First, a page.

How do you feel the company managed during the pandemic?
It was a very difficult situation for us through the worst periods of the Lockdown and we had to shift to producing work online in order to survive. It was also a period where we all had to learn new skills and in some ways that was a blessing and in other ways now people expect a lot from us now.
You moved your work online?
We produced videos of our plays where the actors would record their parts remotely and we would then connect those up online, we had a project where we worked on videos about scams, and this enabled us to address issues of scamming to over 30,000 online views which were great because it meant we kept the actors employed.
If you remember a lot of our work was just shut down when the theatres and community centres weren’t open and that meant we didn’t have venues to perform our work. We also did work with schools, the schools were actually crying out for us to do things for young people, we did a lot of work on mental health, and we did end up taking our play, “Buttercup” to the Buxton Fringe Festival and we did very well there. We actually won Best Production and Best Writer at that festival.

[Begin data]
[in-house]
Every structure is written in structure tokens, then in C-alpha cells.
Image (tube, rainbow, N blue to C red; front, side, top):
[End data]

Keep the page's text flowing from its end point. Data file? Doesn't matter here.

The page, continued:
What are you doing now?
We have just finished touring the play Deception with live performances to 32 venues across northern Ireland. We are rehearsing play, “Runny Honey” at the moment this will be performed in Long gallery at Stormont and will be toured to the Buxton Festival again this year.
You had to postpone a lot of work. Are you now able to present that work?
We also have a programme, No boundaries, where we have produced material to deal with the question of domestic violence, and we are doing work for that project both digitally and live performance.
We have videos of issues arising from the question of domestic abuse which are very hard hitting and the Department of Justice has them on their website which is a recognition of our work.
How were the funders?
All of our funders were very understanding, The Arts Council was very understanding and helpful and for us, we thought we were treated very well during Lockdown.
Where to now?
I do think we need to protect the actors a lot more. As we move into ding digital work, there needs to be a policy regarding, particularly payments for online work, which can be used over and over again without any additional payments.
Beyond that we are hoping to take Buttercup to Edinburgh and as I said we have the Buxton Fringe Festival with Runny Honey.